Presentation on theme: "NanoSIMS Analysis of Arsenic and Selenium in Cereal Grains"— Presentation transcript:
1NanoSIMS Analysis of Arsenic and Selenium in Cereal Grains Katie Moore3rd year D.PhilDepartment of Materials – University of OxfordSupervisor: Chris Grovenor
2Motivation Why is a materials scientist looking at plants? Interdisciplinary collaborations allow critical problems in the life sciences, difficult to solve with traditional analysis techniques, to be explored with established physical science techniques.
3Arsenic is a toxic and carcinogenic element The Arsenic ProblemArsenic contamination of groundwaterContaminated groundwater is used to irrigate rice paddy fieldsResulting in rice grain containing elevated levels of arsenicA major problem in Bangladesh, India, China and America.Arsenic is a toxic and carcinogenic elementRef: X. Y, Xu et al., Environ. Sci. Technol., 42(15), 2008
4Daily selenium intake in the UK is now about ½ of the reference amount The Selenium ProblemBetween 0.5 and 1 billion people worldwide may be deficient in selenium including populations in developed countries.In the UK this is caused by a reduction in the amount of wheat imported from America and a fall in the consumption of cerealsSelenium is an important trace elementDaily selenium intake in the UK is now about ½ of the reference amountM. R. Broadley et al., Proc. Nutr. Soc. (65) 2006M. S. Fan et al., Sci. Total Environ. (389), 2008MAFF, Food Surveillance Information Sheet, (126), 1997Refs:
5Agricultural Solutions To increase Se:Add a selenium fertiliser to the soil (practiced in Finland)To decrease As:Polish the grain to remove the high As partsBoth of these solutions require knowledge of where the trace elements are located in the grain.Determining where these very low concentrations are located with sub-cellular resolution is a serious analytical challengeRef: M. H. Eurola et al., J. Sci. Food Agric., (56), 1991
6Secondary Ion Mass Spectrometry (SIMS) Sample is bombarded by positively charged primary ion beamThis results in sputtering of the top few atomic layers and ejection of atoms, ions and clustersSecondary ions are collected and mass analysedImage adapted from Ref:
7Schematic of the NanoSIMS The Oxford NanoSIMSRef: CAMECA, Instrumentation booklet, June 2007.
8Characteristics of SIMS High sensitivity (down to ppb for some elements)Detection of all elements from Hydrogen to Uranium including all isotopesHigh mass resolutionNanoSIMSHigh lateral resolution (50 nm)Parallel detection of 5 ionic speciesRef: CAMECA, Instrumentation booklet, June 2007.
9SIMS Sample Preparation Sample needs to be flat, conducting, and dryBulk chemical analysis (ICP-MS) showedtrace levels of 2.5 ppm arsenic in the rice and 17 ppm selenium in the wheatRice samples weregrown at Rothamsted ResearchWheat samples were grownin a field trial in Nottingham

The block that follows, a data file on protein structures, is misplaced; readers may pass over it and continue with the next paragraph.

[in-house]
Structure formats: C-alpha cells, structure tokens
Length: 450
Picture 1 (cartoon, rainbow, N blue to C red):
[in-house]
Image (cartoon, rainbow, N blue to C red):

10Structure of Wheat Grain Aleurone layer80µmStarchyendospermCross sectionEmbryo
11Selenium in Wheat Grain 16O-12C14N-32S-31P16O-80Se-SE30µmMax CN- counts: 105,000Max selenium counts: 4Ref: K. L. Moore et al., New Phytol., (185), 2010
12Selenium in Wheat Grain Aleurone cellStarch grains16O-12C14N-16O-12C14N-31P16O-80Se-32S-80Se-Ref: K. L. Moore et al., New Phytol., (185), 2010
13Selenium in Wheat Grain 16O-32S-16O-12C14N-Starchgrain31P16O-80Se-32S-80Se-Selenium is localised in the protein region around the starch grainsSelenium hotspots are found in the aleurone cellsHigh resolution, sub-cellular, localisation of ppm concentrationsRef: K. L. Moore et al., New Phytol., (185), 2010
14Arsenic is localised in the sub-aleurone protein Arsenic in Rice GrainArsenic is localised in the sub-aleurone proteinRef: K. L. Moore et al., New Phytol., (185), 2010
15Rice Roots – Experiment setup Variables:Arsenate or arseniteWith or without Fe plaqueWild type or lsi2 mutantHydroponically grown rice plantsLsi2 transporterFe plaqueNo Fe plaqueRef: Zhao, F.J., et al., New Phytol., 181(4), 2009
16Rice Roots – Fe Plaque 12C14N- 28Si- 31P- 56Fe16O- 75As- SE Sc Ex EP 25 µm
17Colour merge: Red = As, Green = CN, Blue = Si Rice Roots – Lsi2 mutant12C14N-28Si-31P-75As-SEXyEn25 µmColour merge: Red = As, Green = CN, Blue = Si
18ConclusionsThe NanoSIMS has successfully been used to provide a detailed analysis of the distribution of trace elements selenium and arsenic in wheat and rice respectively and the distribution of As in roots.Selenium is localised in the protein regions around the wheat starch grains with hotspots in the bran layerArsenic is concentrated in the sub-aleurone protein of the rice rather than in the aleurone.The Fe plaque has a strong adsorption affinity for AsThe Lsi2 mutant blocks As uptake in the endodermisThese experiments have demonstrated the unique potential of state-of-the-art SIMS instrumentation to analyse the distribution of ppm levels of important trace elements with sub-cellular resolution
19Acknowledgements Supervisor: Chris Grovenor NanoSIMS postdoc: Markus SchröderCollaborators:Fang-jie Zhao, Steve McGrath,Malcolm Hawkesford, Peter ShewryRoot Sample Preparation:Barry Martin, Chris HawesEPSRC:D.Phil fundingIOM3:For this opportunity